The Psychology Of Interior Design: How Your Home Can Affect Your Mood


Have you ever met the kind of person that doesn’t seem to have a design preference for his or her home? It seems like they are content with anything. Even with that neon green sofa that they bought from a garage sale 20 years ago. I’m not trying to knock anyone and it’s awesome that people have contentment with what they have. But, a lot of people fail to realize that interior design can greatly affect your mood without you even realizing it. There are so many different types of designs that can positively or negatively affect your mood.


When your home doesn’t have a personality or it has but in a wrong way, it can really make a difference in your daily life where you feel sad, irritable, tired, stressed, or even hungry.


Imagine yourself at a nice restaurant. The lights are dimmed, you can feel the breeze, everything is clean and the music is perfect. What you’re seeing and feeling is not a coincidence. Many famous restaurants try to evoke feelings and states of comfort. They strive for elegant, happy, and relaxed environments, and the same can be said for spas and nice luxury beach hotels.


They all try to set a mood so you can feel a certain way, want to come back, and even stay longer. And even though we don’t often think about our homes in that way, it’s very important we feel drawn to them, calm, and stress-free.


If you want to avoid a gloomy, irritable, and stressful place, here are some scenarios with design guidelines that will help you understand what affects your mood negatively and how to improve it.


The problem scenarios


Very dark spaces = Sad and gloomy places


When a space is too dark, meaning there are not enough windows, artificial light, or neutral wall colors, it can generate a depressive or sad mood, sometimes even a scary and lonely one.


These places can become a terrible mind trick that makes you feel gloomy, and the most impressive part is that it can also be triggered by small details like the use of dark-colored furniture, chairs, curtains, and even heavy old antiques.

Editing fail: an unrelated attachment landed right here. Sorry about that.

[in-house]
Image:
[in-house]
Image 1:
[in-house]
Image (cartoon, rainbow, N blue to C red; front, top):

Nonetheless, this doesn’t mean we can’t have a dark accent wall nor certain black details. Those are very elegant and nice, but it needs to be done correctly, and I suggest, by a professional designer.


Here's an example of a proper black detail:


Heavily cluttered spaces = Tiresome and stressful places


Heavy spaces are characterized by having too many decor items and things. These environments usually come with a bunch of shelves, picture frames, all kinds of lighting, books, candles, signs, jars, and flowers. There’s always too much going on and there’s no cohesion.

This type of scenario can make you feel stressed out, messy, and exhausted. You can picture this in a very practical way on your computer. When you have too many files, you can feel stressed, irritable, and even a little crazy.


Bright colored spaces = You being irritable and hungry


The use of bright colors like yellow and red can make you irritable and even hungry. That’s why McDonald uses these colors, they want you to get hungry but also leave as soon as possible.

So even though you can love bright colors it’s important to seek calmness and freshness by using lighter colors to scale down the intensity by using them strategically, and using some other colorful tones we see in nature that are natural like blue and green.


But even if you still miss having colors in your life, there are various ways to have your favorite ones at home. You can start by trying a splash of colors in some pillows and on certain intentional accent walls.

The solution


Minimalist spaces = Productive, happy, stress-free, and calm places


This is a great design style to have in your home and one that we always try to implement in our designs because it takes out all the bad scenarios from your space.

The use of natural and neutral colors like blue, green, beige, white, and details of black make places feel calm and soothing. That’s why spas use those colors. Nature is perfect and its colors are too.


Calming colors can really help us to take our minds off the hecticness of the city and daily life, but even if you live in nature already it’s also good because you’re blending your exterior with the interior which really enhances how you experience your design.


Minimalism affects your daily life by making you feel more productive because the fewer things you have, the fewer things you have to deal with. This design style is absolutely clutter-free, and this enables you to have an organized place and mind.

White is also common in minimalism as it helps to make you feel light and bright, as opposed to gloomy and sad. You can complement the white with black by using it in accents. Plant pots, a picture frame, or some artwork that gives a sense of edginess to your space so it won’t feel washed out with only white.

It’s time that you get that peace and tranquility that you deserve and need by implementing these tips! And if you happen to be hesitant or confused, we’ll be more than happy to help you design the perfect and soothing interior!